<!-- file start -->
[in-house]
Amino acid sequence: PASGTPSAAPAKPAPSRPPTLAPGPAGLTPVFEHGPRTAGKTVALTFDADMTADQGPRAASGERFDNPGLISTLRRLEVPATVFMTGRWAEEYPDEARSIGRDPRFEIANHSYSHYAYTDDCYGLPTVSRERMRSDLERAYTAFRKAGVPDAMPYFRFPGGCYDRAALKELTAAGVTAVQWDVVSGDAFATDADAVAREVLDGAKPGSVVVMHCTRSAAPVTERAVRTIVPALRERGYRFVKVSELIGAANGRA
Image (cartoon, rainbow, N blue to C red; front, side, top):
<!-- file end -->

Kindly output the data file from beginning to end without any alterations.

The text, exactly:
[in-house]
Amino acid sequence: PASGTPSAAPAKPAPSRPPTLAPGPAGLTPVFEHGPRTAGKTVALTFDADMTADQGPRAASGERFDNPGLISTLRRLEVPATVFMTGRWAEEYPDEARSIGRDPRFEIANHSYSHYAYTDDCYGLPTVSRERMRSDLERAYTAFRKAGVPDAMPYFRFPGGCYDRAALKELTAAGVTAVQWDVVSGDAFATDADAVAREVLDGAKPGSVVVMHCTRSAAPVTERAVRTIVPALRERGYRFVKVSELIGAANGRA
Image (cartoon, rainbow, N blue to C red; front, side, top):